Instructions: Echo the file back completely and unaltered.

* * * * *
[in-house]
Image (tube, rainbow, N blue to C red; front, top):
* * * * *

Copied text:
[in-house]
Image (tube, rainbow, N blue to C red; front, top):